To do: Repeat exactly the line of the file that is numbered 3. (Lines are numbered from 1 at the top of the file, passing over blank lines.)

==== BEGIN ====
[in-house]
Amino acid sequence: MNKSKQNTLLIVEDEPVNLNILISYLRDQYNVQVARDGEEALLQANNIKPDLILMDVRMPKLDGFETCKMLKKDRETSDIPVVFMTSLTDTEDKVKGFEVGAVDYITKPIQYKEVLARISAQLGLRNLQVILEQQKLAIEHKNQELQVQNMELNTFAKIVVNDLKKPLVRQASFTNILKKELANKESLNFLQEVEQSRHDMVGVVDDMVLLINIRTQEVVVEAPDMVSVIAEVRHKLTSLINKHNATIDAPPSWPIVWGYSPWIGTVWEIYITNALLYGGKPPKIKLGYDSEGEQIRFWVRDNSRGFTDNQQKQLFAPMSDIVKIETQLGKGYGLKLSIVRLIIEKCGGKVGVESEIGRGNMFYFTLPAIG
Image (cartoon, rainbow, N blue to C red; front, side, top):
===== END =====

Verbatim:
Image (cartoon, rainbow, N blue to C red; front, side, top):